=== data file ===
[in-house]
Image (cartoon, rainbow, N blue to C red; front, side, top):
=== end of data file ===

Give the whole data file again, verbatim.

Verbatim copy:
[in-house]
Image (cartoon, rainbow, N blue to C red; front, side, top):